French singer Hugues Aufray was born on August 18, 1929. When the Nazi’s occupied the Paris region, the Aufray family fled south, where Aufray developed a love of the natural world. He wanted to become a painter and entered the École des Beaux Arts in Paris. To pay for his expenses while at art school, Aufray sang on the street, eventually moving into bars and cabarets where he covered songs by Georges Brassens. Aufray’s big break came when he sang a song by then unknown composer Serge Gainsbourg “Le Poinçonneur des Lilas” for a contest organized by a radio station and it became a big hit. In the early 60s, he represented Luxembourg (why, I don’t know) in the Eurovision song contest. Although he didn’t win, his song “Dès que le printemps revient“, was a great success and cemented his career.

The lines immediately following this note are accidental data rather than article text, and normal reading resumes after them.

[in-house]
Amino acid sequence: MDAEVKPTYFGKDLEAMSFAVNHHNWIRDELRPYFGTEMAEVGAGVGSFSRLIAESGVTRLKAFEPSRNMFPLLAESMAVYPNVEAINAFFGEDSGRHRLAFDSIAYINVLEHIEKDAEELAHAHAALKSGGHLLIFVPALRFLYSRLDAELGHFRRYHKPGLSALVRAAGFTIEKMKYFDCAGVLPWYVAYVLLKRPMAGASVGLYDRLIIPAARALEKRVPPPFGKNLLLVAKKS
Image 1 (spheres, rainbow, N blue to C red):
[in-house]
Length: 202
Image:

His most famous songs are “Santiano” and “Céline”, but my favorite is his version of “Une Chanson douce” (oon shansohn doose), which means “a sweet song” and is extremely difficult to track down. He’s a major fan of Bob Dylan and covers many of his songs translated into French. Long before being an environmentalist was popular, Aufray was living the simple life with a herd of goats and growing lavender. Aufray is often refered to as un troubadour (uhn true-ba-dour), which refers to a traveling minstrel. While Aufray may technically live in the 21st century, his gentle ballads hark back to a distant past. He periodically emerges from his farm to record a new album or perform to packed houses, sometimes collaborating with fellow artists Johnny Hallyday, Carla Bruni-Sarkozy, and Francis Cabrel. And yes, sometimes the traveling minstrel will go on tour, even though this troubador of sweet songs is now over 80 years old.